Fig 1: A raised bed garden made out of wood-logs

The use of a permanent raised beds is a great way to reduce work when you start your season. It reduces erosion and allows better drainage, and enables people to participate in gardening who are not physically able to work a ground-level bed. It's usually used in combination with mulch. The raised bed can have a framework or not, depending on the needs.

  • Without a frame, it's more likely to erode unless plants are installed on the side of the bed with mulch. This allows more cultivation space and more productivity.
  • Framed beds are more stable but will entail substantial amount of labour and much expense, depending on the type of material chosen for construction. The frames often harbour perennial weeds and plant pests which are hard to remove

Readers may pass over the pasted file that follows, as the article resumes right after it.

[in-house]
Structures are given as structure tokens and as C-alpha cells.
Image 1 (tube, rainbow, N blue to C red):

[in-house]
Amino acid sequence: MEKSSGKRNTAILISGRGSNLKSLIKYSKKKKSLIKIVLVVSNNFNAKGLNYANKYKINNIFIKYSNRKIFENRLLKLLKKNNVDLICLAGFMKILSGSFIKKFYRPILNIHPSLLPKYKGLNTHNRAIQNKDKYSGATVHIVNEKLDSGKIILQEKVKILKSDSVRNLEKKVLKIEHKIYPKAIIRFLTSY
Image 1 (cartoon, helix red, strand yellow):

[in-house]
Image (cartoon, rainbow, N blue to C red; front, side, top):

• Keyhole gardens are a circular version of a framed raised bed. The charity 'Send a Cow' is promoting the creation of these in Africa.

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External links[edit | edit source]

FA info icon.svgAngle down icon.svgPage data
Authors Wen Rolland
License CC-BY-SA-3.0
Language English (en)
Translations Polish, French
Related 2 subpages, 9 pages link here
Aliases Permanent raised bed, Raised garden bed, Raised garden beds
Impact 1,621 page views
Created September 27, 2008 by Wen Rolland
Modified October 3, 2022 by Irene Delgado
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